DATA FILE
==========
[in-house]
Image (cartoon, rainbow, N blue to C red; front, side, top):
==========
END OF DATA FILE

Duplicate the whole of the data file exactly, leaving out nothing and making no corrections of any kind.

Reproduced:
[in-house]
Image (cartoon, rainbow, N blue to C red; front, side, top):